How to Choose a Chipset from AMD (770, and 780G) for the Phenom CPU Family

Page content

By AMD: 770 and 780G

With Phenom CPU’s topping out at price and performance points well below Intel offerings, it is a fair assumption that most people building an AMD powered system will be choosing mainstream components. So AMD had better get these chipsets right.

The first hurdle they ran headlong into is their ancient southbridge. The SB600 has been around for so long that it has no place on store shelves… let alone your new computer. This little fossil has support for 4 SATA devices and 10 USB devices versus competitor offerings with 6 and 12 respectively. Furthermore, running Vista on it either requires that you run your SATA devices in IDE mode with the accompanying performance, or go through the lengthy and complicated fix Microsoft documents here. Even if you do all that, SATA performance isn’t where it should be.

It’s not that AMD is unaware of the problem; boards with a far more competitive SB700 southbridge were supposed to be out as of January 2008, with SB750 in the higher-end boards on their heels. Delay led to delay, and it is still hard to find these boards today. In summary, don’t touch an AMD chipset unless it has a SB700 or more recent southbridge.

AMD’s Excellent Integrated Graphics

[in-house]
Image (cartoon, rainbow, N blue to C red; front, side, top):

AMD has done some very interesting things with their newer chipsets, particularly in terms of integrated graphics: the 780G and V come with HD 3200 and HD 3100 on board, respectively, the V model being intended for business use and eliminating some of the fancier video connection options. These graphics chips are modified from the RV610 that powers the Radeon HD2400 series. Though not the newest or highest end Radeon product, including the chip from a discrete GPU, as an integrated graphics solution it is changing the way people think about integrated graphics. Though not suitable for truly demanding graphics users, it brings a level of eye-candy that people who do without graphics cards have never seen.

The 780G is also a superbly efficient chipset, with very modest power and cooling requirements. All those graphics right on board, the low power draw, and availability in μATX make this an unparalleled choice for a home theater or Mini-PC (provided of course the model you’re considering has an SB700). The 770 with SB700 could be used successfully for a budget PC. It is also worth noting that AMD offers PCI-E 2.0 on all 7 series chipsets.

Before going this route though, be aware that many 770 and 780 based boards don’t support AMD’s fastest CPUs, the power hungry ones with Thermal Design Power requirements of 125w or more, such as the Phenom 9850. Some do, but research the issue very carefully for your specific board. AMD seems content with the argument that people who want to run their fastest processor will be happy to spring for a 790F or FX, even though the price difference on the boards is as much or greater than that of the CPU’s. Use AMD’s configuration tool to make sure your board/chip combo will run well, but it doesn’t look like they update it very often.

By nVidia (710a, 720a, 730a, 750a SLI, GeForce 8 series)